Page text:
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Arkadi Monastery


Monastery of Arkadi - Rethymnon (Rethymno), CreteLocated on a plateau at an altitude of 500m, 18km South-East of Rethymnon, the imposing monastery of Arkadi has been a symbol of freedom in Crete for centuries.  The earliest written evidence dates the monastery to the 14th century, but it is believed that on the same grounds there has been a monastery since the 5th century AD.  Towards the end of the 16th century restoration and expansion work was carried out.  The monastery church dates from this period and is dedicated to the Transfiguration of the Saviour and to the Saints Constantine and Helen.  The stables just outside the front gate date from 1610.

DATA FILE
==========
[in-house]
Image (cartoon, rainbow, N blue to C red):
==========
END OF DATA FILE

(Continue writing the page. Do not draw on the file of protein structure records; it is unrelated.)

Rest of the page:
The monastery gained international fame during the Cretan revolution against the Turks in 1866-1869.  Finding themselves under siege from the occupying forces, local inhabitants barricaded themselves into ammunition storerooms and then chose to blow them up, rather than surrendering to the Turks - resulting in hundreds of deaths.  A memorial ossuary is housed in the octagonal building just outside the front gate.

Within the monastery grounds there is an interesting museum housing the sacred banner of the Arkadi tragedy, post-Byzantine icons, weapons from the revolutionary era, vestments of great artistic and historical importance and personal items belonging to the legendary Abbot Gabriel.

The anniversary of the Arkadi tragedy is marked every year and is celebrated as a public holiday on Crete.

  Monastery of Arkadi - Rethymnon (Rethymno), Crete Monastery of Arkadi - Rethymnon (Rethymno), Crete